75 Spring Street SW., Room 330, Atlanta, GA 30303
                                       Phone (404) 331-3369, Fax (404)730-2382
                           Visit the Office of Inspector General Web site at www.hudoig.gov.
                                METHODOLOGY AND SCOPE

To accomplish our objective, we

      Reviewed applicable criteria, including 24 CFR (Code of Federal Regulations) 85.36,
       Federal procurement regulations, and North Carolina General Statute, NC GS 143,
       Article 8, Public Contracts;
      Interviewed HUD officials and City personnel;
      Reviewed the City’s procurement records; and
      Reviewed 14 lead-based paint hazard control project files for compliance with
       procurement and eligibility requirements.

We performed our evaluation of this issue during the High Point audit, which covered the period
September 2014 through March 2015, at the City’s office in High Point, NC; HUD’s
Greensboro, NC, Office of Community Planning and Development; and our Greensboro and
Atlanta regional offices. Our review generally covered the period December 1, 2008, through
August 31, 2014. This was a limited scope review, and we did not review HUD’s internal and
information systems controls and procedures. Therefore, the review was not performed in
accordance with generally accepted government auditing standards. To meet our objective, it
was not necessary to fully comply with the standards, nor did our approach negatively affect our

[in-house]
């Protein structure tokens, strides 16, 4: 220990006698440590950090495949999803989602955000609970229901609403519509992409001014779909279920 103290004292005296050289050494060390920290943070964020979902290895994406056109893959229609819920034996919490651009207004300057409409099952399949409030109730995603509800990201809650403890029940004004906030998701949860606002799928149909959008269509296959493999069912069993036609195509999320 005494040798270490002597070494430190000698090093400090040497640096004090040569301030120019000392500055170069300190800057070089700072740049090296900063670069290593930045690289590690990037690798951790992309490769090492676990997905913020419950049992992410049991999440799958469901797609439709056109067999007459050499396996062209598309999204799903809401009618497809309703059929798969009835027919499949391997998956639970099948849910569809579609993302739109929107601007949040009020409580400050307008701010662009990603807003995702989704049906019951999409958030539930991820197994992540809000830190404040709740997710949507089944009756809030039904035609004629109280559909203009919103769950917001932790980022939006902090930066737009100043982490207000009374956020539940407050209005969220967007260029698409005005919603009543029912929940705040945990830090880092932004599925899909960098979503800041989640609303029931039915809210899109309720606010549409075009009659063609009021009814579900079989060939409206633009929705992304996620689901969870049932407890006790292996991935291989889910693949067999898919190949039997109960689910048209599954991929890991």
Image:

review results.

The Office of Field Management did not provide us formal comments.

                                           BACKGROUND

The City’s Lead-Based Paint Hazard Control Grant
The City’s Community Development and Housing Department administers the Lead Safe High
Point program. The program is federally funded by HUD. The purpose of the program is to
identify and control lead-based paint hazards in eligible privately owned rental or owner-
occupied housing. HUD awarded the City lead-based paint hazard control grants of $5.5 million
for grant years 2008 and 2011. As of March 17, 2015, the City had used its entire 2008 grant of
more than $2.9 million and more than $755,000 of its more than $2.4 million 2011 grant. Our
audit found that the City did not select the lowest bidder for 5 of the 14 project bids, representing
$824,734 (91 percent) of the $902,997 spent for contracts.

The HUD Office of Healthy Homes and Lead Hazard Control is responsible for overseeing lead-